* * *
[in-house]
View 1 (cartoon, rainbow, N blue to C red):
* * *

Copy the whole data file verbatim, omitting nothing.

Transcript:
[in-house]
View 1 (cartoon, rainbow, N blue to C red):